Australians told: most don't need protein products for active lifestyle

By staff reporter

- Last updated on GMT

Related tags Protein Metabolism Obesity Nutrition

The Australian Consumers Association has questioned general
consumer use of protein bars and shakes in a report that could have
repercussions for the mainstream sports and energy market and call
into question marketing techniques.

The bar and beverage market started out aimed at serious sportspeople, but has been moving ever more mainstream over the past five years.

Research and intelligence provider Leatherhead International set the total market value for performance foods and drinks at $19.37 billion this year, representing 50 percent growth in the past five years.

However according to the Australian Institute of Sport, only specific groups of serious athletes may need extra protein on occasion - such as endurance athletes who need between 1.2 and 2g of protein per kg of body weight per day, strength-trained athletes who need between 1.2 and 1.7g, and adolescent athletes who need 2g per kg per day.

For normally active people, the maximum protein requirement is just 1g per kg - and even less for those who are sedentary.

A recent National Nutrition Survey showed that on average, men were gleaning 1.9g of protein per day from their normal diets, and women 74g. For people of average weight (80kg men, 65kg women), this means that there is no need to source additional protein from specialist products.

In its Choice magazine, the association published nutritional data of 40 protein bars and beverages. Nutritional content varied from 5g of protein per 28g serving for Powerbar Pria (mint chocolate), to 45g per 100g serving for Aussie Bodies HPLC Bar (chocolate).

It warned that protein consumed in excess of that needed to grow and repair the body is used to provide energy - and any that exceeds energy requirements tends to be stored in the body as fat.

This means that consumers who think they are making a healthy choice by consuming protein bars and taking moderate exercise may, in fact, end up putting on weight.

The report also criticised marketing claims on products, such as "Feed your potential"​, "To help you perform at your best and surpass your goals"​, and "Helps build and maintain muscle tissue for up to six hours".

On the surface, these statements may be aimed at professional athletes, for whom small differences could yield results in competition. But it said:"It's just as easy for recreational athletes to succumb to marketing hype. But not all the claims on protein bars can be substantiated."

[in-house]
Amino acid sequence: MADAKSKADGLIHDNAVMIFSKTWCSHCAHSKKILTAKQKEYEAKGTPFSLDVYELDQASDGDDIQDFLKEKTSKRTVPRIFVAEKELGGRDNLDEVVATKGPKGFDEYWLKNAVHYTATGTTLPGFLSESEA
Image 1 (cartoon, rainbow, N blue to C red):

In particular it drew attention to additional amino acids, the 'building blocks of protein' in products, and compounds like creatine and L-carnitine that are intended to boost metabolic processes.

In the case of creatine, it said there are "varying levels of scientific support for the benefit"​, and none for carnitine.

Moreover, "considering that foods can usually provide amino acids in the amounts required, there's little to be gained from buying products with them added"​.

Consumers should also be wary of "jazzed up"​, scientific-sounding proprietary names for protein, like MLO's Biocytein and EAS's Mypro2, which give the impression that some types of protein are better than others. In fact, whether from whey, soy or something else, it says there is not enough evidence to suggest any source is better than any other.

The report does concede that bars and beverages may make more convenient snacks than food protein sources like sandwiches or smoothies - and indeed can be a better nutritional option than confectionery such as Mars bars.

But although most of the bars tested had less sugar and fat than a Mars bar, a third had more kilojoules.

"That and their comparatively high price are good reasons for having protein products as an occasional snack only,"​ said the association. Price per bar can be as high as A$6 (c €3.55).

In an interview with earlier this year, Leatherhead marketing intelligence business manager Susie Johnson said that, in some markets such as the US, energy bars are entering a phase of maturity.

But she agreed that that so-called sports drinks are no longer aimed purely at sportspeople, but at sporty and health-conscious general consumers.

While these consumers may not need the levels of energy contained in the products if they are not doing a strenuous work out each day, they might need more energy as they are trying to fit more into the day. "It is a different kind of energy"​, she said.

"A key consumer concern is tiredness and products with energy may help to alleviate tiredness."

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